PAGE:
Prices stable on very low volume
Mainland state capitals held a seasonally-low number of auctions on the weekend, with prices rising an average of 0.1 per cent in the week to Sunday, according to RP Data's figures. Prices have not moved significantly in a month. The nation remains on pace to match last year's torrid real estate growth – up 5.1 per cent for the year, compared with 5.0 per cent year-to-date in 2013. Prices year-over-year are up 10.2 per cent in Melbourne and 15.0 per cent in Sydney. Auction clearance rates last week fell to 65.9 per cent. But the number of homes for sale are down to about 79,000 right now, compared to 90,000 last year and 125,000 in the previous year. Melbourne sold only 397 of the 738 properties at auction, while Sydney scored a 75.5 per cent clearance on its 530 auctions. Supply constraint may be a factor in the rate of price appreciation, tempering concerns about speculation driving growth. Read the full story here.

REA Group will bring in new chief early to assuage clients
REA Group will turn over the reins to earlier than expected to incoming chief executive Tracey Fellows, who faces incipient rebellion from some of its customer base. Interim chief executive Peter Tonagh implemented a major change to the firm's market strategy which raised advertising prices for many real estate agencies. Fellows has decided to take over on August 20 instead of waiting until September, to mend broken relationships with clients. Unwilling to pay the additional fees, a group of agents formed Real Estate Digital Marketing Services in June to negotiate ad rates with property marketing portals. Ray White Group co-chair Brian White backs REDMS. Read the full story here.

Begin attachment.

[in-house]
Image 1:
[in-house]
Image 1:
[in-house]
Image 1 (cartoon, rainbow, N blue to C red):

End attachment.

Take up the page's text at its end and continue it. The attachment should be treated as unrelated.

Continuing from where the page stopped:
Political donations by developers can easily work like bribes
Former NSW premier Nathan Rees writes about banning political parties from accepting donations from property developers. “The people of NSW were entitled to a planning and governance system free of innuendo and corruption,” he wrote. “Nothing corrodes public confidence more than a belief that favourable decisions can be bought. It is the definition of corruption.” Developers have more motive and opportunity for corruption than any other industry, and in the face of mounting evidence of actual corruption require additional regulation. The Independent Commission Against Corruption heard tales last week of developers handing brown paper bags full of money to election candidates in a Bentley. “It doesn’t take a genius to realise the deeply damaging nature of this image.” Read the full story here.

The home in Sydney no one will buy
It's the city'’s oldest house listing. It's been for sale for seven years in a market where the average home is listed for less than 30 days. An expert – SQM Research’s Louis Christopher – looked at the listing for the 5000sqm double-storey house with a tennis court and pool, five bedrooms and bathrooms at $4.6 million and concluded that it's been poorly priced. But seven real estate agencies have had a crack at it … and haven't been able to convince the owner to accept a reasonable offer. “Something is putting buyers off, but it’s not being advertised and hasn’t been reflected in the price,” Christopher said. Read the full story here